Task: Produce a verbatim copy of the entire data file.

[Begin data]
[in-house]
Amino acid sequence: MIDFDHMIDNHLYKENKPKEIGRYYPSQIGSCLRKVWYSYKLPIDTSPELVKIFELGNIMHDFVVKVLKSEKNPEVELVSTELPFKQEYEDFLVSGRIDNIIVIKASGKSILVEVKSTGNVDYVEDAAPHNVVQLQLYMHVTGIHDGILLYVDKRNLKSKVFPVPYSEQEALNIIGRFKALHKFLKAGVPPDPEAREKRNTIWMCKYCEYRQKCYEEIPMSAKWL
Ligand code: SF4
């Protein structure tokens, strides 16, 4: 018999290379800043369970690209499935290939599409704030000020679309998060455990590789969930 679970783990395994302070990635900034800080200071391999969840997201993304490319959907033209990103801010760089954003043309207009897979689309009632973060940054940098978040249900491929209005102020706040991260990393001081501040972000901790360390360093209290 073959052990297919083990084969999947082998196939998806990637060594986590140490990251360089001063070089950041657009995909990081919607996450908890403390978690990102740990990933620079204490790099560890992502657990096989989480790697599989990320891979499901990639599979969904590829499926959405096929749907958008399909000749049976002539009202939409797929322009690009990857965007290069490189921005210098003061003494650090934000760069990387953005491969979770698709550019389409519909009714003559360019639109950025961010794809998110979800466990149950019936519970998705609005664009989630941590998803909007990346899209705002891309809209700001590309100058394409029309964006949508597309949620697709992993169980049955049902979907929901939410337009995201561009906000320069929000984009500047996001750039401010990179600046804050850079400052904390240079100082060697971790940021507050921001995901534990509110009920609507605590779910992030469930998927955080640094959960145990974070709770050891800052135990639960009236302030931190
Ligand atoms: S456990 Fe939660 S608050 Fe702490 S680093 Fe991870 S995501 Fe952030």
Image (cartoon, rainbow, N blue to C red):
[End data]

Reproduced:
[in-house]
Amino acid sequence: MIDFDHMIDNHLYKENKPKEIGRYYPSQIGSCLRKVWYSYKLPIDTSPELVKIFELGNIMHDFVVKVLKSEKNPEVELVSTELPFKQEYEDFLVSGRIDNIIVIKASGKSILVEVKSTGNVDYVEDAAPHNVVQLQLYMHVTGIHDGILLYVDKRNLKSKVFPVPYSEQEALNIIGRFKALHKFLKAGVPPDPEAREKRNTIWMCKYCEYRQKCYEEIPMSAKWL
Ligand code: SF4
């Protein structure tokens, strides 16, 4: 018999290379800043369970690209499935290939599409704030000020679309998060455990590789969930 679970783990395994302070990635900034800080200071391999969840997201993304490319959907033209990103801010760089954003043309207009897979689309009632973060940054940098978040249900491929209005102020706040991260990393001081501040972000901790360390360093209290 073959052990297919083990084969999947082998196939998806990637060594986590140490990251360089001063070089950041657009995909990081919607996450908890403390978690990102740990990933620079204490790099560890992502657990096989989480790697599989990320891979499901990639599979969904590829499926959405096929749907958008399909000749049976002539009202939409797929322009690009990857965007290069490189921005210098003061003494650090934000760069990387953005491969979770698709550019389409519909009714003559360019639109950025961010794809998110979800466990149950019936519970998705609005664009989630941590998803909007990346899209705002891309809209700001590309100058394409029309964006949508597309949620697709992993169980049955049902979907929901939410337009995201561009906000320069929000984009500047996001750039401010990179600046804050850079400052904390240079100082060697971790940021507050921001995901534990509110009920609507605590779910992030469930998927955080640094959960145990974070709770050891800052135990639960009236302030931190
Ligand atoms: S456990 Fe939660 S608050 Fe702490 S680093 Fe991870 S995501 Fe952030």
Image (cartoon, rainbow, N blue to C red):